October 17, 2019, 02:09:47 PM
Forum Rules: Read This Before Posting Topic: Heat capacity in systems with different energy-levels (Boltzmann)  (Read 182 times)

0 Members and 1 Guest are viewing this topic. Bobby Blothunger

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« on: October 01, 2019, 12:38:35 PM »
Hello!

I am struggeling to wrap my head around why the heat capacity is different for systems with different energy-levels.

https://imgur.com/a/yUvi5ZT

I'll try to explain the graph a little bit.
CVA: distance between energy-level: 100 K (equidistant)
CVB: distance between energy-level: 20 K   (equidistant)
CVC: distance between main energy-levels: 200 K, each with 5 sublevels of 20 K

Cv is defined as Cv=(δU/δT) with V and N being constant.

What I find difficult to understand is how to explain why the graphs look different and why when
T ∞ Cv R . How do i relate entropy to this equation? Is it possible to use 1/T = (δS/δU) with V and N being constant.

What I believe is the reason:
CVA: Since the distance between the energy-levels are large it takes more energy to push up and "use" the next level, and therefore the slope is also flatter.
CVB: Since the distance between the energy-levels are small it takes less energy for the system to use them. Moreover more energy-levels also mean that the entropy will be greater (ΔS aswell), which explains the greater slope in comparison to CVA.
CVA: This one I don't really understand, why is Cv flat and negative between 10-35 K?

I'm sorry if it hard to understand my question, english is not my first language.
Studying 5 year program M.Sc. in biotechnology in Sweden, currently doing my second year. mjc123

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« Reply #1 on: October 02, 2019, 09:42:32 AM »
Are you familiar with the Boltzmann distribution (the title of your post suggests you are)? This tells us how different energy levels are populated at a given temperature. If there are N0 molecules in the ground state, then the number NE in a state of energy E is given by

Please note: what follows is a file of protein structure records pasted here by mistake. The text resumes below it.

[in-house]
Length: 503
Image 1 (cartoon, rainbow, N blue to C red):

NE = N0e-E/kT
Thus the higher the energy E, the less populated the state is.
Consider the system with energy levels 100k apart (write small k for Boltzmann's constant, so it doesn't look like a temperature of 100 K). At a low temperature, say 10 or 20 K, where E>>kT, there are very few molecules in the excited states. If you increase the temperature by 1 K, "very few" becomes "very few plus a tiny bit more". The increase of energy due to this "tiny bit more" going to a higher level is very small, so the heat capacity (energy input to raise the temperature by 1 K) is also small. As the temperature rises, and the population of the higher levels increases, the heat capacity also increases.
Now consider the system with levels 20k apart. The higher levels are easier to reach, and at 10 or 20 K, they are already significantly populated, and more molecules are promoted for a given increase in temperature, so the heat capacity is higher than for system A at the same temperature.
System C is different, in that you have a few closely-spaced levels, then a big gap, then a few more closely-spaced levels, and so on. At low temperatures we can assume that the 200k level and above are essentially unpopulated, and what we have is a system of 5 levels 20k apart. To begin with, it behaves like system B, but there comes a point when, in system B, levels 100, 120, 140 etc. would start to be populated, but in system C these don't exist. For a finite system, at high temperature the levels would tend to become equally populated, with little change with increasing temperature, so the heat capacity would tend towards zero. That's why you see the peak in Cv and the decrease at intermediate temperatures (note, Cv is not negative, the slope of the curve is negative). Of course, the system is not really finite, and as T increases further, the higher levels (>200k) start to be populated and contribute to the heat capacity, so it rises again. Bobby Blothunger

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« Reply #2 on: October 03, 2019, 06:58:14 AM »
Thank you mjc123 for your informative answer.

I now understand the reasoning behind the behavior of system A and B and I think that I am beginning to understand system C as well. Although I still have a hard time understanding why the slope of the curve is negative, is it possible to relate it to a fundamental equation with δS instead of δU? And are you saying that if the system had been finite with just the 5 sublevels Cv 0 when T ∞? Why is that the case? Would it not just stagnate, since δU and δT never becomes negative. δU juste becomes smaller and smaller the higer the tempature.

To summerise: how is it that the slope of the curve becomes negative when neither δU nor δT becomes negative?

"Cv = δU/δT"

Edit: missed a questionmark
Studying 5 year program M.Sc. in biotechnology in Sweden, currently doing my second year. mjc123

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« Reply #3 on: October 03, 2019, 07:53:14 AM »
Do you understand slopes and derivatives? What becomes negative is not Cv, but dCv/dT = d2U/dT2. The energy continuously increases with temperature, but the rate of increase (the heat capacity) starts off low, then increases, goes through a maximum, decreases for a while, then starts increasing again.

Yes, I am saying that for a finite system Cv 0 as T ∞. As you say, "δU juste becomes smaller and smaller the higer the tempature". In other words dU/dT tends to zero as T increases.